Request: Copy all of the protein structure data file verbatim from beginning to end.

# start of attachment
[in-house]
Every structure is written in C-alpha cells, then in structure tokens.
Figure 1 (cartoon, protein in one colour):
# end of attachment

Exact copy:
[in-house]
Every structure is written in C-alpha cells, then in structure tokens.
Figure 1 (cartoon, protein in one colour):